অসমীয়া   বাংলা   बोड़ो   डोगरी   ગુજરાતી   ಕನ್ನಡ   كأشُر   कोंकणी   संथाली   মনিপুরি   नेपाली   ଓରିୟା   ਪੰਜਾਬੀ   संस्कृत   தமிழ்  తెలుగు   ردو

Mint Diseases

Mint rust

Disease symptoms:

  • Pale and distorted shoots in spring
  • Dusty orange pustules on the stems and leaves.
  • Pustule may change to dusty yellow or black in colour in later stage
  • Large areas of leaf tissue die and plants may lose leaves

Survival and spread:

  • When the orange spore pustules mature and break open in June or July, the spores are spread to other plants by the wind.
  • The fungus enters the plant through the leaves lNewly infected plants seldom show symptoms until the following spring.

Favorable conditions:

  • Dry weather with high relative humidity
  • Pathogens overwinter on mint stubble & on wild mint.
  • It spreads through propagation material and air

Verticillium wilt

Disease symptoms:

  • Symptoms first appear in the foliage at the top of the plant.
  • Symptomatic upper leaves are sickle-shaped and initially chlorotic or red, soon becoming necrotic.
  • Premature defoliation and death of the plant can result.
  • Vascular discoloration in stems and roots may be observed and diseased plants are often stunted.

Survival and spread:

  • The transport of infected planting materials can transmit the pathogen to long distances.
  • Spread of the pathogen occurs primarily by soil and movement of soil and water.

Favourable conditions:

  • Verticillium wilt is favored by moist soils and a temperature range of 21-27° C.
  • Micro-sclerotia are stimulated to germinate by root exudates of host plants

Anthracnose

Disease symptoms:

  • Mint anthracnose, also known as "leopard spot".
  • The fungus causes small, sunken brown spots to appear on the lower leaves and stems. These spots enlarge to form oval lesions with light gray centers and reddish-brown borders, and may unite.
  • Mint anthracnose may cause defoliation and cankers, which may lead to splitting of the stem.
  • Heavily-infected plants are weakened and oil yields are reduced.
  • Anthracnose may become severe during wet seasons when the mint foliage is wet for long periods.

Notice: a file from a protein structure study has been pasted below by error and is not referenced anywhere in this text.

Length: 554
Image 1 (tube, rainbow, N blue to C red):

Survival and spread:

  • Conidia are rain-splashed from overwintering infected plant in the spring and throughout the summer to new growth.

Favourable conditions:

  • Infection requires three to twelve hours of wetness.

Powdery mildew

Disease symptoms:

  • Powdery white patches are developed on the upper and lower surfaces of the leaves and stems.
  • Under favourable conditions, the disease causes severe lossess. It also reduces the oil

Survival and spread:

  • Resting spores is responsible for primary spread and airborne spores for secondary spread.

Favourable conditions:

  • Disease becomes severe when weather is dry and air circulation is poor (warm and humid weather)

Black Stem Rot

Disease symptoms:

  • Black stem rot is considered a moderate to serious problem in mint production.
  • The fungus is most active during periods of cool and wet weather.
  • Symptoms of infection include dark brown or black cankers on stems.
  • Cankers may girdle the stem and cause plant parts above the infection to wilt and die.

Survival and spread:

  • Pathogen survive in soil and on plant tissue for many years by producing small (1 to 3- mm diameter), irregular-shaped, brown to black sclerotia.

Favourable conditions:

Disease become more severe in soils that are moderately wet and a temperature range  of 15-25°C

Stem and stolon canker

Disease symptoms:

  • Roots and stolon have brown or black progressively rotting areas. Plant stand may be greatly reduced.

Survival and spread:

  • Pathogen survive on crop debris and in soil as black to brownish resting structures (sclerotia) or as resting fungal mycelium.

Favourable conditions:

  • Warm soil with high humidity is favorable for disease development.
  • Temperatures between 26-32°C, soil moisture between 30-60% and soil pH above 6.6 are conducive for disease development.

Septoria leaf spot

Disease symptom:

  • Septoria leaf spots are dark brown/black, up to 3mm (⅛in) diameter and angular in shape (being constricted between leaf veins).
  • Spores are sometimes visible within leaf spots on the underside of the leaf.

Survival and spread:

  • The fungus survive in plant debris and on weeds .

Favourable conditions:

  • Moist (more than 70% relative humidity) coupled with warm weather and intermittent rains favours disease development.

Disease cycles:

Mint rust

Disease cycles Mint rust

Verticillium wilt

Disease cycles Verticillium wilt

Anthracnose

Disease cycles Anthracnose

Stem and stolon canker

Disease cycles Stem and stolon canker

Powdery Mildew

Disease cycles Powdery Mildew

Black Stem Rot

Disease cycles Black Stem Rot

IPM for Mint

To know the IPM practices for Mint, click here.

Source: NIPHM; Directorate of Plant Protection, Quarantine & Storage



© 2006–2019 C–DAC.All content appearing on the vikaspedia portal is through collaborative effort of vikaspedia and its partners.We encourage you to use and share the content in a respectful and fair manner. Please leave all source links intact and adhere to applicable copyright and intellectual property guidelines and laws.
English to Hindi Transliterate